Whatever the origins of Birmingham's equal pay mess, intervention experts believe it could take four years to fully implement the nationally agreed route for job evaluations developed by the Local Government Employers and national trade unions – rather than Birmingham's current bespoke model. All parties, including incoming commissioners, need to move fast.
But there is another spectre looming over Brum which threatens to ignite tinderbox relations with unions: service or staff cuts.
Several sources said it was ‘inevitable' that hefty cuts would form part of the council's book-balancing exercise. Non-statutory services will be slashed, and most experts believe statutory offerings won't escape unscathed.
‘It's likely this will include some staffing cuts,' one well-placed insider warned. ‘There are only a handful of ways to save or raise money at a council, and staffing is a significant cost. The catch-22 is that some trade unions unhappy about a potential new job evaluation scheme may end up with members who lose their jobs.'
In terms of the personnel needed to guide Birmingham's turnaround, experts believe Mr Gove and Mr Caller will be flexible. Instead of a fixed number of commissioners – who were not yet appointed as The MJ went to press – Mr Caller is understood to favour specialists tasked with improving specific council functions before moving on. For example, a short-term commissioner might be needed to fix the Oracle IT debacle, while another will focus longer-term on Birmingham's governance problems.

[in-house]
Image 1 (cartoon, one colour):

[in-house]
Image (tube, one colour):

Interestingly, Birmingham's new political leadership quickly accepted the need for external assistance. Cllr John Cotton, Birmingham's leader, said: ‘On becoming leader, I was concerned there was a lack of senior capacity at the council to deal with the issues that we face – which is why we asked secretary of state Michael Gove and the Local Government Association to help us rebuild that capacity.'
Cllr Cotton vowed ‘to be on the side of our residents as we build a better Birmingham'. Local residents should prepare for a bumpy ride, though. 
Some services – and local relationships – may get worse before Birmingham gets better.

Editor's comment: A call for Caller, but where is the next gen?